The Church, knowing human nature and how easily we slip out of doing what's good for us has, indeed, mandated some certain Lenten sacrifices for all Catholics (without impediments like ill health or age, etc.).  Like a mother who  has rules of the house, requiring her children to brush their teeth, clean their rooms, and eat healthy food, Mother Church has rules, too, ones she requires us, as Catholics to follow.  Here are the rules for Lent:

  * Fast and Abstinence

(The uniform norms for fast and abstinence adopted in 1951 by the bishops of the United States, modified at their November 1956 meeting' as observed by most traditional Catholics in our country.  All rules of fast and abstinence can be modified by a local bishop.)

Abstinence (of meat)

1. Everyone over 7 years of age is bound to observe the law of abstinence.

2. Complete abstinence is to be observed on Fridays, Ash Wednesday, Holy Saturday and the Vigils of the Immaculate Conception and Christmas. On days of complete abstinence, meat and soup or gravy made from meat may not be used at all.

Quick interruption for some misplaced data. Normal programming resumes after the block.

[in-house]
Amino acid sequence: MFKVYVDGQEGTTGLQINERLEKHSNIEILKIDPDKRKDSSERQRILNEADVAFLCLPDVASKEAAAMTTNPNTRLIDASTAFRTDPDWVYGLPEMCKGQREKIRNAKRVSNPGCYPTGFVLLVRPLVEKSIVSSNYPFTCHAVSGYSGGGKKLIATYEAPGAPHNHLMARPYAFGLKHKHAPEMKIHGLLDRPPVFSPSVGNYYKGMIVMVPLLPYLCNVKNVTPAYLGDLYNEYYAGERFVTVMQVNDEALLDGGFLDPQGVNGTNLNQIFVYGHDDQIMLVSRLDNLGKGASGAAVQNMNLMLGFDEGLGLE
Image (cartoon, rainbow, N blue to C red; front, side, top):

3. Partial abstinence is to be observed on Ember Wednesdays and Saturdays and the Vigil of Pentecost. On days of partial abstinence, meat and soup or gravy made from meat may be taken only once a day at the principal meal.


1. Everyone 21 - 59 years of age is bound to observe the law of fast.

2. The days of fast are all the days in Lent except Sundays, the Ember Days and Vigils of Pentecost, the Immaculate Conception and Christmas.

3. On days of fast, only one full meal is allowed. Two other meatless meals, sufficient to maintain strength, may be taken according to one’s needs; but together they should not equal another full meal.

4. Meat may be taken at the principal meal on a day of fast except on Fridays, Ash Wednesday, Holy Saturday, and the Vigils of the Immaculate Conception and Christmas.

5. Eating between meals is not permitted, but liquids, including milk and fruit juices, are allowed.

6. Where health or ability to work would be seriously affected, the law does not oblige. In doubt concerning fast or abstinence, a parish priest or confessor should be consulted.

* There is no obligation for fast or abstinence on a holy day of obligation, even if it falls on a Friday.

* Confession and Holy Communion